The North American Bird Conservation Initiative (NABCI) has just released a new report on the state of Canada’s birds. It’s the second comprehensive assessment of the conservation status of birdlife in Canada.
At its April meeting in St. John’s, NL, the Committee on the Status of Endangered Wildlife in Canada (COSEWIC) assessed the status of 19 species, including one bird – the Hudsonian Godwit. Hudsonian Godwits face threats at all stages of their annual cycle, including climate change and overgrazing by geese in the Arctic, loss of wetland habitat at staging sites in the United States and South America, and disturbance of wintering habitat by increasing levels of human development and activity.
Bird Studies Canada strongly opposes proposed changes to Ontario’s Endangered Species Act (ESA), as brought forward in Schedule 5 of Bill 108. The changes would remove essential legal protections for species at risk and for the habitats that sustain them. Please add your voice for Ontario’s imperilled flora and fauna by providing comments on the 10th Year Review of Ontario’s Endangered Species Act.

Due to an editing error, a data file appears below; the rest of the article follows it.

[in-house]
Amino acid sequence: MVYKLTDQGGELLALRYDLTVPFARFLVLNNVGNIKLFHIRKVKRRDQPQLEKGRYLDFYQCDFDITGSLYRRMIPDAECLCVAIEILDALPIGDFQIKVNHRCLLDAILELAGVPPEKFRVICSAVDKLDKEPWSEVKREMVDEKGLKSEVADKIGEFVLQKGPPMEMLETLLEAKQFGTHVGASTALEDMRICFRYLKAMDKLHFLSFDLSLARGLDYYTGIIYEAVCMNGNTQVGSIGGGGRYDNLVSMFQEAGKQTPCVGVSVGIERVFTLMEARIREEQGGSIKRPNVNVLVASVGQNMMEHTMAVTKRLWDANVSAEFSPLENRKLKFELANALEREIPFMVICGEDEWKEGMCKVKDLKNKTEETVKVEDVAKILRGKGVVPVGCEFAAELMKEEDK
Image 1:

The family of bird species that includes curlews (as well as godwits and some other large waders) is one of the most threatened bird families in the world. Over half of the species in this family are of global conservation concern. That’s why certain conservation organizations around the world have started to recognize April 21 as World Curlew Day – a day for learning more about and celebrating these at-risk birds.
“Working Landscapes” was the theme of the 12th Prairie Conservation and Endangered Species Conference held in Winnipeg, Manitoba from February 19-21, 2019. Attendees from a range of sectors – scientists, agricultural producers, consultants, and more – had the opportunity to explore the intersections of conservation and agriculture, have their perspectives heard, and work together on conservation solutions.